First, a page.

This indicates that until someone has the experience, then formal teaching does keep them safer until they gain experience, which is why simulators are such a good tool for learning, as you experience mistakes and situations, thereby aquiring the skill based knowledge. And how do i know this? by being trained of course.

For a beginner I would have to say formal training is the best way to go, it helps to keep you safe and gives you the knowledge to help you help yourself. Or at least how to call for help!

As for the issue of charts, and chart plotters, I would love to see a plotter that works without power! If the chart plotter breaks and you have no knowledge of navigation how are you going to ask for help??? at least a chart will not stop working. (although it might get wet, so laminating it might be a good idea, and keeping it safe.)
We have systems that cost 100's of thousands of pounds, but I still dont think they are better than a 25 quid chart, (and the knowledge how to use it) My wife can read a road map, but my twat nav confuses the hell out of her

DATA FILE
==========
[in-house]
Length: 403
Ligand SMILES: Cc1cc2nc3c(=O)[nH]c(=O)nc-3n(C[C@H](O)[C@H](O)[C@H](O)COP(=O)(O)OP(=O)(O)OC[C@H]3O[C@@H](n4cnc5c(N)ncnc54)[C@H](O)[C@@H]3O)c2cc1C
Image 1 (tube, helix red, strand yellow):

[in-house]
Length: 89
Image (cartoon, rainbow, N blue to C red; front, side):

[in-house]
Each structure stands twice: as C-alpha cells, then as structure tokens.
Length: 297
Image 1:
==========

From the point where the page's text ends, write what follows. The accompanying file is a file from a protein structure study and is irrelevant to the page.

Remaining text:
Before electronic stuff, I would ensure a flare or 2 is on board.

One last thing, although mentioned, warm weather clothing is not just to keep you dry.
Waterproof, or rain proof clothing will increase your cold water survival time dramatically (along with a lifejacket) and the water around the UK is always considered cold water, even in summer. Things like hypothermia, and survival are essential training as far as I am concerned, as you dont get to experience it much in reality (hopefully).

Finally, I am not advocating mandatory training just that any sort of formal training is the best way to help keep a newcomer safe, and is certainly cheaper than a plotter, and gizmos, so is the Cheapest IMHO. (Which is what the OP 1st asked for)

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Old 12 July 2012, 02:32   #79
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(Which is what the OP 1st asked for)
Alas, I suspect the OP was asking for advice on what cheap gadgets he could justify buying in the hope they could claim to be related to safety.

Being recommended a free RNLI sea check, an 80 quid VHF course and a 200 quid PB2 course was not what they wanted.